by Brant Roberts
I have read many articles on gentrification that present the issues surrounding the displacement of people from a highly idealistic perspective. This approach overlooks the way gentrification develops and what factors push this issue. I will address gentrification in Houston, Texas from a strictly materialist point of view, analyzing the situation itself rather than hypothetical contributing factors; art is a common scapegoat for gentrification, but it is not the cause.
Houston is the fourth most populous city in the nation and is slated to surpass Chicago within the next decade.(1)http://www.businessinsider.com/r-americas-city-rankings-set-for-texas-sized-shake-up-houston-to-edge-past-chicago-2015-9 It is the most ethnically diverse city in the nation.(2)http://www.huffingtonpost.com/2012/03/05/houston-most-diverse_n_1321089.html It is considered among the top job-creating cities in the nation.(3)http://www.forbes.com/sites/kathryndill/2014/11/04/the-top-10-cities-and-states-for-job-growth/ It is home to three community colleges, six universities, and a vibrant intellectual culture that reverberates from the Museum District to the small coffee shops you can find in almost every neighborhood within the 610 Loop. Yet it is becoming one of the most unequal cities in the nation in which to live.(4)http://www.houstonchronicle.com/news/special-reports/article/Opportunities-abound-at-the-top-of-the-income-6366673.php For a few months, several apartment building projects that followed oil industry success halted construction due to difficulties attracting emerging young professionals in a local real estate climate that considered the projects unprofitable.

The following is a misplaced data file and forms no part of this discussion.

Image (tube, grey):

For a few months, several apartment building projects that followed oil industry success halted construction due to difficulties attracting emerging young professionals in a local real estate climate that considered the projects unprofitable.
To understand how gentrification functions in Houston we must not overlook the effects of the petroleum market and its influence on the local real estate market. Houston, the “Energy Capital of the world,” is home to several of the world’s most prosperous petroleum and natural resource extraction corporations including Halliburton, National Oilwell Varco, Conoco Phillips, and Baker Hughes.(5)http://www.houstonchronicle.com/business/economy/article/Houston-is-home-to-half-of-the-Fortune-500-5523181.php These corporations play a major role in employment, city funding (infrastructure through local taxes), funding the Museum of Fine Arts, and the overall circulation of capital in Houston.(6)http://www.mfah.org/site_media/uploads/attachments/2015-10-19/FY16_October_CP_Website_Listing.pdf Given the number of people employed by the petroleum industry in Houston, we would be remiss to ignore this impact on the local real estate market.(7)http://hereishouston.com/?q=node/40
During the oil crash of the 1980’s, Houston found itself crippled by the fundamental problem of a single-industry based economy. In 1986, the price of a barrel of oil dropped from $31.82 to $9.75.(8)http://business.financialpost.com/news/energy/oils-1986-collapse-signals-rebound-from-this-supply-shock-could-be-years-away The flooding of the petroleum market swallowed up many sub sectors of the Houston economy—especially the real estate market.(9)http://www.houstonchronicle.com/business/energy/article/Crude-calculation-Another-decade-another-oil-5969736.php